Content Audit Basics: 4 Steps to Help Supercharge Your Content Marketing
In this video, Internet Marketer Kelley will go over how to do a content audit in 4 steps. Check out the short video (and the transcript) below!
Transcript: If you create content for your website, or work with a team of content marketers, this video is for you!
I’m going to go over some major content audit steps to help you determine where you need to make changes on your website.
Let’s jump right in!
What is a content audit?
When you perform a content audit, you take stock of all of the content on your website.
You’ll look at the data attached to each piece of content to determine what content performed best, what needs revisions, and what just isn’t working.
During your content audit, you’ll make note of trends you see in your content to inform your future marketing strategy.
This isn’t a ten-minute project, especially if you have a lot of pages on your website. If you want to partner with someone who offers content marketing services and who could handle the content audit for you, don’t hesitate to contact our team at WebFX.
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Content audit steps
I’m going to cover four major steps for when you audit content marketing.
First, I’ll start with figuring out the structure of your audit.
Step 1. Determine what you want to learn from your content audit
You can approach your content audit from a bunch of different directions, so it’s important to pick one before you spend time analyzing your website.
One great goal for a content audit is to find pages that need updates and pages that might be better off removed from your site altogether.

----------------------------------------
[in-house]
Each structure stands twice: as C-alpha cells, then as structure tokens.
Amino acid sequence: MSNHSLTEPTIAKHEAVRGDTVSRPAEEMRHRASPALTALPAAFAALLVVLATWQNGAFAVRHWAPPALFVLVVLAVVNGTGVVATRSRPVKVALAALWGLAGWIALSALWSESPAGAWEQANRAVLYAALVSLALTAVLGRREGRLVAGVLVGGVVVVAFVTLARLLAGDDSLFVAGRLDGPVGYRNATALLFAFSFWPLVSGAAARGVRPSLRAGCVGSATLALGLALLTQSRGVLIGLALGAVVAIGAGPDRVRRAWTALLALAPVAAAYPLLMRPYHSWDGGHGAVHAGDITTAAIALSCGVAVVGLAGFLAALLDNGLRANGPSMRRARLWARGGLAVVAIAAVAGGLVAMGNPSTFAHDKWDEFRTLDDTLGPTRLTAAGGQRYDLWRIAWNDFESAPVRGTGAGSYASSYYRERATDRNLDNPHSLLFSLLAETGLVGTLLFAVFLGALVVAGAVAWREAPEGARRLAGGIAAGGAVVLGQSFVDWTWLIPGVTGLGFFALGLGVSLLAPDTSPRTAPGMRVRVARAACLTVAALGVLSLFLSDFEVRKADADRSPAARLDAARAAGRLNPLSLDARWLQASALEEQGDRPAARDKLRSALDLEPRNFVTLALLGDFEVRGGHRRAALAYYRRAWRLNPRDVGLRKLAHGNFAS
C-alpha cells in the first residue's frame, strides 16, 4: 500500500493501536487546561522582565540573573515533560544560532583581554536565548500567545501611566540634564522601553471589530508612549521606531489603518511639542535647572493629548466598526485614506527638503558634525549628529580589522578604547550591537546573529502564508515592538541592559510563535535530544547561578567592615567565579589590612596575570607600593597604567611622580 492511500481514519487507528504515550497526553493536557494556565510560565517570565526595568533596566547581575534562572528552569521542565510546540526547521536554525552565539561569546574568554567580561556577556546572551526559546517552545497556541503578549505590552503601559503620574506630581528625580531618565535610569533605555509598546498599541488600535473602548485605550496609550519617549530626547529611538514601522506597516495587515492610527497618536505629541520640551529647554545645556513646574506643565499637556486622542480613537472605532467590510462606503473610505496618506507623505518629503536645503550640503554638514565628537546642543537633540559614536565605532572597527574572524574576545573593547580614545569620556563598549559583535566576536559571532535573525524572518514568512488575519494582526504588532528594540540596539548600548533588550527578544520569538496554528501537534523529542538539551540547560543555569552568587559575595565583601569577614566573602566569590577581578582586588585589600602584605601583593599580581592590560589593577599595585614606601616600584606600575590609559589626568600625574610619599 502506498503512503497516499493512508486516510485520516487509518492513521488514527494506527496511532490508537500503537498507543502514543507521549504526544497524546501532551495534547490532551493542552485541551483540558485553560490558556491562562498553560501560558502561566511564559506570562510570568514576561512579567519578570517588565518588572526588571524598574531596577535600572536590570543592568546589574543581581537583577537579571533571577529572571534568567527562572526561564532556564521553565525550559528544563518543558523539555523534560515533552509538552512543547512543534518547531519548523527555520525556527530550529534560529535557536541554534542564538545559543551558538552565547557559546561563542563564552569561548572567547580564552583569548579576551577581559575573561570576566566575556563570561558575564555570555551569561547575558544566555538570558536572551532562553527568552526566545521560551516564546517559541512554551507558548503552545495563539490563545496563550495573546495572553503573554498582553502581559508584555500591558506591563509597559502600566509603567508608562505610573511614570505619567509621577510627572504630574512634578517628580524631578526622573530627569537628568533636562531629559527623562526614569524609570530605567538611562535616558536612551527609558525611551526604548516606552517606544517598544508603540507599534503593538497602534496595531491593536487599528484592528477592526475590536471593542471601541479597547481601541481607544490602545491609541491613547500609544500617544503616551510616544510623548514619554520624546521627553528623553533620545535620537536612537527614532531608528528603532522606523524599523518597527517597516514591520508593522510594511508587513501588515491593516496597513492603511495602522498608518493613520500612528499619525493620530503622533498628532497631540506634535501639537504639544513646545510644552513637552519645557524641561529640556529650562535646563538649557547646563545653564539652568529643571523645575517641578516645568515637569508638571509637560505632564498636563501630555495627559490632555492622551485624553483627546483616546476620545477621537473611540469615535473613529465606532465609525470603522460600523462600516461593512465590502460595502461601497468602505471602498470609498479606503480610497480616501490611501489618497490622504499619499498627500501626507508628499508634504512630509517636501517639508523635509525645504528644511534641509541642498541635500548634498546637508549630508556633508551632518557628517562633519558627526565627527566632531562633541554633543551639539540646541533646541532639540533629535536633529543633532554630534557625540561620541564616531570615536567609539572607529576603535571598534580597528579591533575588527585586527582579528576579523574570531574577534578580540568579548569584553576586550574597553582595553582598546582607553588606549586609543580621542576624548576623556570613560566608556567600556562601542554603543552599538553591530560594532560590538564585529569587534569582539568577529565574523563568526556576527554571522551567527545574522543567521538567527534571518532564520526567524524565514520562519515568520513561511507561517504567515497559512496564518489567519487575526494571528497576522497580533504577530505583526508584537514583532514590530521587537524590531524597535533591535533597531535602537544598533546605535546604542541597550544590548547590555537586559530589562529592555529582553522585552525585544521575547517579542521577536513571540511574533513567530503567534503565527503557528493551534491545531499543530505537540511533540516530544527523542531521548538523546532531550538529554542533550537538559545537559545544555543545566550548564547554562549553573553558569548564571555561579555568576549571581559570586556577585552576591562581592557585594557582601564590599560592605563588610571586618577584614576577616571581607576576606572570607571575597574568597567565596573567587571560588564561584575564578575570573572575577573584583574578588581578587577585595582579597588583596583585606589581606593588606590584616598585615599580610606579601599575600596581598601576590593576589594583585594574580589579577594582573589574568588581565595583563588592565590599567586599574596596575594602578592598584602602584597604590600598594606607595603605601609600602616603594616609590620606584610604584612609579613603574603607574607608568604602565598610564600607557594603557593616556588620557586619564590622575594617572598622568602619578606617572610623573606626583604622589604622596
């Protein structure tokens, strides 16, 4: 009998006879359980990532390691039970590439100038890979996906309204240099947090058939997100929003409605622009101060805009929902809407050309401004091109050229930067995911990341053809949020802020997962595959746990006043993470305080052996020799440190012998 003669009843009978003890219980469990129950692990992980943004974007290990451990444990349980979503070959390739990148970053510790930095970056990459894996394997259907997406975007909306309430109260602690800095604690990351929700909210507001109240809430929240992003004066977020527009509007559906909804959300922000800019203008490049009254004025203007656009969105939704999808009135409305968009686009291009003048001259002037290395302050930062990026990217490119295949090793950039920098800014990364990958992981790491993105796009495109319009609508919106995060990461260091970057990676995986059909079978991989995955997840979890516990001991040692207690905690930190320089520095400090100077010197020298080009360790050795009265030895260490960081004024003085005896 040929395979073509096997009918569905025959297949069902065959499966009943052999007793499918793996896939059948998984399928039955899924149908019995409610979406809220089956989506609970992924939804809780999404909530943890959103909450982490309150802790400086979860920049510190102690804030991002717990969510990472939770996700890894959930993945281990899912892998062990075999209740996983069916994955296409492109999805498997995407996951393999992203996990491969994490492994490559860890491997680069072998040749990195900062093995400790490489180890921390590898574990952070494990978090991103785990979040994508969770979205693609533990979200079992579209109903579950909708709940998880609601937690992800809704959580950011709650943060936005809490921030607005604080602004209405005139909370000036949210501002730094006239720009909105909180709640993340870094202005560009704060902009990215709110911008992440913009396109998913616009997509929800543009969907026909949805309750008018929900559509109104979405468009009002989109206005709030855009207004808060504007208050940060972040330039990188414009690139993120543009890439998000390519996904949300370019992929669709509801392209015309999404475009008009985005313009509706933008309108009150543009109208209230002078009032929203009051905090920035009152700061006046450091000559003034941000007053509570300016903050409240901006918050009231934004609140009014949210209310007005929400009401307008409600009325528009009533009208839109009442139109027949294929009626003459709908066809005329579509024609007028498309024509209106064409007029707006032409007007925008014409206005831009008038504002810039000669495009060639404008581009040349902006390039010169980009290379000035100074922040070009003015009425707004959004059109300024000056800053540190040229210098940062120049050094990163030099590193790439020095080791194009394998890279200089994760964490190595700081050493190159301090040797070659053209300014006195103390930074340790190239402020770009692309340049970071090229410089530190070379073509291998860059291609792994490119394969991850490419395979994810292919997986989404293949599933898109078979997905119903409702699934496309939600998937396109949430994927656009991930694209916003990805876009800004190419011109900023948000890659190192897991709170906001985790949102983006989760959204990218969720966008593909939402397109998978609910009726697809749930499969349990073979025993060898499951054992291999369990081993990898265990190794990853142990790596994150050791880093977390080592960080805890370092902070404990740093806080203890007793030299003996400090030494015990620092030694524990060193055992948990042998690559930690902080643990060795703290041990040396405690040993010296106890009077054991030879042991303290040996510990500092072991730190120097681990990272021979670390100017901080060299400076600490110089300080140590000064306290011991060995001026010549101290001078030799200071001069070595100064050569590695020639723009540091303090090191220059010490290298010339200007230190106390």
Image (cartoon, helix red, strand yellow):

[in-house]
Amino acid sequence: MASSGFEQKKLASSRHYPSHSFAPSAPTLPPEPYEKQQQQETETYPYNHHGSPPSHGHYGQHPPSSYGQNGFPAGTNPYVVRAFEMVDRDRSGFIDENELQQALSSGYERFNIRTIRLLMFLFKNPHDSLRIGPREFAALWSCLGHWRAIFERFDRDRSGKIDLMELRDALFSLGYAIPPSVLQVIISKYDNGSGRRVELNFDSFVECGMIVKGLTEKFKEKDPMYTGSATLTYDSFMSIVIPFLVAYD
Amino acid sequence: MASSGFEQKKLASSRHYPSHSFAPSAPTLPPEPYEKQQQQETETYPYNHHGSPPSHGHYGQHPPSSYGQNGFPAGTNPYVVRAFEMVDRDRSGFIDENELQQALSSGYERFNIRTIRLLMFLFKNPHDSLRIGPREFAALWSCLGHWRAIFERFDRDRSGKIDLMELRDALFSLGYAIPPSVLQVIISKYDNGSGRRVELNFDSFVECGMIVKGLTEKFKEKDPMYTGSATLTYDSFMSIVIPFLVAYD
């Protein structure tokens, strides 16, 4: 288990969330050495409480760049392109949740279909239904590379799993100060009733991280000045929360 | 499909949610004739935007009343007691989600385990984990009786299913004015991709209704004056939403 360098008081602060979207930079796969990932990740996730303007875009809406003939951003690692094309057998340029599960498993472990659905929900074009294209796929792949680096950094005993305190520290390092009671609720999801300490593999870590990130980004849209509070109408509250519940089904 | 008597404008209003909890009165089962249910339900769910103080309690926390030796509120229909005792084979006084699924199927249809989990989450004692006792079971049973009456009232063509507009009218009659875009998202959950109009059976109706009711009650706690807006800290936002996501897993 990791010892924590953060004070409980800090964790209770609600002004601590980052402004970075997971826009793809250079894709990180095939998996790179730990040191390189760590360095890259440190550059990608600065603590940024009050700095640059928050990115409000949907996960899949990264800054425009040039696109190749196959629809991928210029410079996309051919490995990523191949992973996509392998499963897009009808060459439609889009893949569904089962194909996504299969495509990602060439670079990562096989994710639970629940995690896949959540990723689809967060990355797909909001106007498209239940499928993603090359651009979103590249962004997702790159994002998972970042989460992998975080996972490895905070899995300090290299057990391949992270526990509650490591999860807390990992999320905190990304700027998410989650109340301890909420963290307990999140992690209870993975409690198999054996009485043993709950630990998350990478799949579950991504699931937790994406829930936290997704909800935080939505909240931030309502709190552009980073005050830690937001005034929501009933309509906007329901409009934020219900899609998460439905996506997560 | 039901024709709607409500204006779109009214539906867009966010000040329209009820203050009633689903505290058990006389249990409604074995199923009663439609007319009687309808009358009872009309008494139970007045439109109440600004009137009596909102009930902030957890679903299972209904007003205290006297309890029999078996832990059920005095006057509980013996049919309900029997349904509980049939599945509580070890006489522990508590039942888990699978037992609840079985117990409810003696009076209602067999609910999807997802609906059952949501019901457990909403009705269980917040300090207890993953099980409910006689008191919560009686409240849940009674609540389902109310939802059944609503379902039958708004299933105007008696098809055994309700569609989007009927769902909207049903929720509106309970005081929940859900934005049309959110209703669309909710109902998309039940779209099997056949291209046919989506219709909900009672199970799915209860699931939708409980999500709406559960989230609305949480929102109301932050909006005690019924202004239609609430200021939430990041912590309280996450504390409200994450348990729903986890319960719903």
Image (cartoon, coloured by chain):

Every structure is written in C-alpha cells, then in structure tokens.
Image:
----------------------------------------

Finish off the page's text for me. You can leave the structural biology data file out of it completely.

If you’re really confident in all of your content, you might want to analyze your keyword targeting, or determine if you’re using the proper messaging for your brand.
The direction you go in will help you decide which metrics to pull in the next step.
Step 2. Gather data for all the pages on your website
This is where Internet marketing tools come in handy.
Screaming Frog will pull information like your page URLs, page titles, descriptions, and major headings among other things.
If you use Google Analytics, you can gather data about how people interacted with all of the pages on your site. Bounce rate, time on page, pageviews…you can use it all in your content audit.
Export the data from your tools into a spreadsheet, and you’re ready to move on to the next step.
Step 3. Analyze your content audit data
Once you’ve pulled all of the necessary metrics for your goals, determine what content is the best, and what needs some help.
If you want to get rid of content that doesn’t get as much organic traffic as you’d like it to, you have a few options other than just deleting it forever.
Maybe it just needs some revisions. If you have two competing pages, and one performs better than the other, you might want to redirect the underperforming page to the more successful one.
The actions you take depend on the goal of your audit.
Step 4. Break down trends for your future content strategy
While you’re analyzing your content, take note of any trends in your top-performing content.
Did content with an infographic or video have a lower bounce rate?
Did longform content resonate better with your audience than shorter content?
If you determine something worked really well for your content marketing strategy, you might want to lean in to whatever that was so you can connect with more site visitors in the future.
Tools to help you audit content marketing
I would be remiss if I didn’t mention some tools you can use for your content audit.
First, I’ll plug a WebFX tool.
Our SEO checker will perform an SEO audit of your website so you have an idea of where you can make improvements to boost your site’s position in search engines.
WebFX SEO Checker
- Site Speed Analysis
- Content Grade
- URL Optimization Check
- Page Link Audit
Speaking of automatic, as I mentioned, both Screaming Frog and Google Analytics can export website page data to help make your content audit a lot easier.
SEO tools Ahrefs and SEMRush also have functionality that would be helpful for your audit, so you should definitely check those out.
If you have any other questions about how to audit your content, feel free to leave them in the YouTube comments. We really love hearing from you!
And before you move on to the next video, we’d love it if you’d subscribe to our YouTube channel and give this video a thumbs up!
Thanks for watching!